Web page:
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In a prospective cohort study over three seasons, a soccer-specific balance training programme in female players reduced the incidence of non-contact hamstring strain injuries, patellar tendinopathy and Achilles tendinopathy
It has been documented that balance training can reduce the risk of some injuries (anterior cruciate ligament, ankle ligament sprains) in soccer players
Does a balance training programme reduce the incidence of hamstring muscle injuries and tendinopathy in elite female soccer players?
Subjects: Twenty-four premier league female soccer players (21±4 years, body mass index 21.7±1.2).
Experimental procedure: All the subjects were studied over three soccer seasons. In the first half of the first season, no intervention took place (CON period). Thereafter, subjects regularly performed specific balance training (12 exercises), and duration of balance training (min) was documented for two and a half seasons (TR period). In both periods, injuries (contact and non-contact) (injuries/1000 h of exposure and time lost/injury) were documented.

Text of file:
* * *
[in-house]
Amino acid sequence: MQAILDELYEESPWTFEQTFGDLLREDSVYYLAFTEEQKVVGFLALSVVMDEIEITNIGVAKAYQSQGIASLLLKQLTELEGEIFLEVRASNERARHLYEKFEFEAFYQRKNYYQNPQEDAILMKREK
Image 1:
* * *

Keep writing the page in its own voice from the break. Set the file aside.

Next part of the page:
Measures of outcome: Incidence of injuries (per 1000 h) in the two periods, mean time loss for injuries, correlation between duration of balance training and injury rate.
The mean time loss of injuries (days) decreased from 14.4 (CON) to 1.5 (TR) (p=0.003), and there was a general relationship between increased training and reduction in injuries.
In a prospective cohort study over three seasons, a soccer-specific balance training programme in female players reduced the incidence of non-contact hamstring strain injuries, patellar tendinopathy and Achilles tendinopathy.
Evidence-based rating: 7/10 …
Provenance and peer review Not commissioned; not externally peer reviewed.
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